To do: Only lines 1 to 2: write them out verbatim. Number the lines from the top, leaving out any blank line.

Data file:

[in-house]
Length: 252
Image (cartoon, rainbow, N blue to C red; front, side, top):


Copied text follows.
[in-house]
Length: 252